‘No spectators, but a party for everyone’


NOS News

  • Jacco Hupkens

    Editor online

  • Jacco Hupkens

    Editor online

Last year the 25th anniversary of Amsterdam Pride was celebrated, this summer is a special moment for probably the most famous part of the LGBTI event: the Canal Parade is held for the 25th time this afternoon. For the first time since 2019, because the annual boat parade through the canals was canceled twice due to corona.

Siep de Haan (64) was one of the first organizers of Pride. He saw the boat parade grow from forty boats with about 20,000 spectators in 1996 to an eighty-boat event now that invariably attracts half a million people.

According to him, the Canal Parade has always been set up as a celebration for the whole city. “Back then, there were already Pride events elsewhere in the world, but especially in places where it was less safe for the rainbow community. Amsterdam was already very safe, so we wanted to organize this precisely to show how proud we were of the city. , too on the heterosexuals, so it wasn’t called Gay Pride either, but Amsterdam Pride.’

More party than activism?

De Haan can’t do much about that criticism: “It’s strange that the municipality interferes in what is in reality a citizens’ initiative: of course there are differences of opinion in the LGBTI community, just as there are among heterosexuals. But Pride and the Canal Parade is pretty much the most inclusive event in the Netherlands. And it’s been that way from the start: the straights stood on the sidelines, the gays flowed in the channels. It’s never been an in-crowd event.”

That the business community participates in the boat parade is not new, says De Haan. “At the first edition, it was mainly the smaller businesses that participated: The pink notaries, the pink lawyers, cafes in the city.” Since then, increasingly larger companies have joined, also due to increased costs, he acknowledges. “They then promote their pink network, for example. But they are also allies.”

Companies are ‘allies’

Martijn Albers, spokesman for Pride Amsterdam, agrees. “All companies are participating allies, who all want a safer environment for their employees. And large companies ensure that less wealthy organizations can also sail along. For example, Rabobank provides a boat every year, this year the Staatsbosbeheer will sail together with their Pink Foresters.”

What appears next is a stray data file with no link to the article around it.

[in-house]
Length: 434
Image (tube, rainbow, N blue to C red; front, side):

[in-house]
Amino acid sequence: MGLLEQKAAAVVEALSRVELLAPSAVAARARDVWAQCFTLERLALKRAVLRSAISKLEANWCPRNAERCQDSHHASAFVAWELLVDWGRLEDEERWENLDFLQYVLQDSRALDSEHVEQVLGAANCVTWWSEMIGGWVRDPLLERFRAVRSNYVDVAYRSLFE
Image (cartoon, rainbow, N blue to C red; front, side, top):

Advice to completely change Pride and the Parade stems from a “false opposition” between business and the LGBTI community, according to Albers. “While they need each other. It’s great that that diversity is there, also within Pride itself. With the boat parade you have the festive side of the event, and with the Pride Walk more the critical protest side.”

Here is a selection from the 25th Canal Parade:

Look back: the canal parade through the years

“There is always room for improvement,” adds Philip Tijsma of the LGBTI interest group COC. “And it’s good to listen to criticism from the community. But I think Pride listens well. It’s also organized by all kinds of committees that can make their own input.”

As examples, he cites a conference on transgender health care this year and one on the experience of LGBT people of color. It is precisely this diversity that makes Pride and the boat parade so valuable, he believes. “It’s both: the Pride Walk and the Canal Parade, conferences and parties.”

The growth in diversity is the biggest change Tijsma has seen in 24 Canal Parade editions: “You now have boats with people of color, representatives of different world religions. But LGBTI people with disabilities also sail along, and people over 65. Parade shows where diverse that society is.”

High school students

It also increases acceptance, says Tijsma: “In 2007, for example, a 14-year-old boy wanted to sail on a boat, which led to a social discussion at the time: should you support this, such young people can already make good judgments about their sexuality. “Questions that people would never ask young people. This year there is a boat sailing with all high school students and no one has a problem with it.”

At the end of the day, says founder De Haan, you’ll always keep people who aren’t happy with Pride and the boat parade. “By the second edition in 1997, there were already people saying, ‘I liked it better last year’.”

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